Hall of Fame pitcher Bob Feller dies of leukemia
Bob Feller, the Iowa farm boy whose powerful right arm earned him the nickname "Rapid Robert" and made him one of baseball's greatest pitchers during a Hall of Fame career with the Cleveland Indians, has died. He was 92. Feller died at 9:15 p.m. on Wednesday night of acute leukemia at a hospice, said Bob DiBiasio, the Indians vice president of public relations.
Remarkably fit until late in life, Feller had suffered serious health setbacks in recent months. He was diagnosed with a form of leukemia in August, and while undergoing chemotherapy, he fainted and his heart briefly stopped. Eventually, he underwent surgery to have a pacemaker implanted. In November, he was hospitalized with pneumonia and Feller was recently released into hospice care.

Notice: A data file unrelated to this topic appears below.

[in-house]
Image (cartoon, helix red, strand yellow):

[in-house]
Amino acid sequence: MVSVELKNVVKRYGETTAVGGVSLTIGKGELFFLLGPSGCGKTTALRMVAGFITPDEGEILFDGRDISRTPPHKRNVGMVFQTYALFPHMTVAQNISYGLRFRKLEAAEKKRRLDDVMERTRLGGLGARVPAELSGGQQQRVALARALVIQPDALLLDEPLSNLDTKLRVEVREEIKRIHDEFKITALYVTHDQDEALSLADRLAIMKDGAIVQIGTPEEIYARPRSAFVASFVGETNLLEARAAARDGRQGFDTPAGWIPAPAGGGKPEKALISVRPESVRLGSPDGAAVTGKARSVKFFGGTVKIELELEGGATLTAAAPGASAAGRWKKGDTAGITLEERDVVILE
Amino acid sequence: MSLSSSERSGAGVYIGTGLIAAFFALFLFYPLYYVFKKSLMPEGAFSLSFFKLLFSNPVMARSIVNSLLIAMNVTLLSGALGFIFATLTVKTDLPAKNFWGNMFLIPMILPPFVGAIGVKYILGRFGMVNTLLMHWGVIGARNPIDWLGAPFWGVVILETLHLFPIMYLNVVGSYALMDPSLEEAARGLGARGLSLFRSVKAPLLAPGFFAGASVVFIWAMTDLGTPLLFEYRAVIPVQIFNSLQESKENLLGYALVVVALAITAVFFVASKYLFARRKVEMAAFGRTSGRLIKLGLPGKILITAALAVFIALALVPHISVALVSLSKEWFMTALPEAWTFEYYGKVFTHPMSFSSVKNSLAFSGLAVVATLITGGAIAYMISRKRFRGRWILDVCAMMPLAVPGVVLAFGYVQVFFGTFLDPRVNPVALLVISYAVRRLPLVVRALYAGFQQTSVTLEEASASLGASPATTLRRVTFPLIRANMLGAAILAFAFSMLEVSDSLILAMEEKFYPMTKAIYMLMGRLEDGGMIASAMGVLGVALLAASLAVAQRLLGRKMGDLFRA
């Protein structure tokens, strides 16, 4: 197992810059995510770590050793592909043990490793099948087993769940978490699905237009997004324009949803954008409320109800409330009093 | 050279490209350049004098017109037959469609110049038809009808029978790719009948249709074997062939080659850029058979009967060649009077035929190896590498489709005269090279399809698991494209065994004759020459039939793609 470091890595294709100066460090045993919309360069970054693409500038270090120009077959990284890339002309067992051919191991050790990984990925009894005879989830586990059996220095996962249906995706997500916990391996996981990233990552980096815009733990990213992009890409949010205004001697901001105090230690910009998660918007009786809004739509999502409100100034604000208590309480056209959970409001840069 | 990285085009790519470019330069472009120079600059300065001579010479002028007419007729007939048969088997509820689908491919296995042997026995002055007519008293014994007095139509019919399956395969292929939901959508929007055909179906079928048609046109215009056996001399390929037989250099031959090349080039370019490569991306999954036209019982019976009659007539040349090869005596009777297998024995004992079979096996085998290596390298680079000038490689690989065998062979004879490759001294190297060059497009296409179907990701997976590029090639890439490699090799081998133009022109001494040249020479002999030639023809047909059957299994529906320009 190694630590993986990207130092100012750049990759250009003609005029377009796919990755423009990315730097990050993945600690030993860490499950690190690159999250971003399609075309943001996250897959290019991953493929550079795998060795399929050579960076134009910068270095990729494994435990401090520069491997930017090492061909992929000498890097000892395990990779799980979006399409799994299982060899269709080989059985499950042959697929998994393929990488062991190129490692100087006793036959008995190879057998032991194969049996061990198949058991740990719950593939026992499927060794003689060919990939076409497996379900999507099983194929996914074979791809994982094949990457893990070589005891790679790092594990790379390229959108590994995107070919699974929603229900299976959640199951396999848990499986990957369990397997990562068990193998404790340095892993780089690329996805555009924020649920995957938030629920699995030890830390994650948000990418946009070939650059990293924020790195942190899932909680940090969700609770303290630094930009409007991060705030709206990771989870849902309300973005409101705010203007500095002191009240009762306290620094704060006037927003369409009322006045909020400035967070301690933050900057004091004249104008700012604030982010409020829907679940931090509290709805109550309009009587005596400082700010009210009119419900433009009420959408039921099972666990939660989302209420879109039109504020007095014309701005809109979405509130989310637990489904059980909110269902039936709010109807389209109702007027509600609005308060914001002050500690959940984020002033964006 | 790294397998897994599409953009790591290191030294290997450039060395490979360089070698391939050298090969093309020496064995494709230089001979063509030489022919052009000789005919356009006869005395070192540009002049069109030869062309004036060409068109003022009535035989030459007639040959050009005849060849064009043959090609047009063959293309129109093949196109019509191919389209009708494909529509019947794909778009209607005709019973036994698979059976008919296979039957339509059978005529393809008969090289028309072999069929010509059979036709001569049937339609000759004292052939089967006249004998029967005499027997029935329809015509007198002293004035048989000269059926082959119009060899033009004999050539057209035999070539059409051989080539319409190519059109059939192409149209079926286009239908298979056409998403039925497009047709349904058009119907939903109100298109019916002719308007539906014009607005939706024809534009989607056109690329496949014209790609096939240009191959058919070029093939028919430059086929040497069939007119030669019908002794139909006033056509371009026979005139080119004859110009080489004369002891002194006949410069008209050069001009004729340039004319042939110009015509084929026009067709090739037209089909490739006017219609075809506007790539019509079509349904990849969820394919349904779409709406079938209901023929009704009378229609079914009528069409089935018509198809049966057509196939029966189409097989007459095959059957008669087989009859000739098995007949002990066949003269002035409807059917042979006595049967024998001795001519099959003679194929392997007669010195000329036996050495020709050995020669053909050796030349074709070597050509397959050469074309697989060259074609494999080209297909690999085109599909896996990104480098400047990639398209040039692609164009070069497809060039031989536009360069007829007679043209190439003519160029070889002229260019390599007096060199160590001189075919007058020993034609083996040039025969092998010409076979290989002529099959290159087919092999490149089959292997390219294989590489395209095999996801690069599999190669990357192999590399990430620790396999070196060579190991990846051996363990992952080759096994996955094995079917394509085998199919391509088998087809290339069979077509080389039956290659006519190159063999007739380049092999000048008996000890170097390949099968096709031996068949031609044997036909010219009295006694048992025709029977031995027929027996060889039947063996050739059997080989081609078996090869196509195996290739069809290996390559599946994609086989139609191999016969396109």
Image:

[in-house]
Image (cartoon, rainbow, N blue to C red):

Even as his health deteriorated, Feller continued doing what he loved most — attending Indians games deep into last season.
"Nobody lives forever and I've had a blessed life," Feller said in September. "I'd like to stay on this side of the grass for as long as I can, though. I'd really like to see the Indians win a World Series."
Feller, in fact, was part of the rotation the last time the Indians won it all — in 1948.
Fiercely proud and patriotic, Feller was an American original. He won 266 games during 18 seasons — all with the Indians, who brought him up to the majors as a 17-year old. Feller's win total remains a Cleveland team record, one that seems almost untouchable in today's free-agent era.